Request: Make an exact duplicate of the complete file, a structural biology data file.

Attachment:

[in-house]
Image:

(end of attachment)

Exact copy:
[in-house]
Image: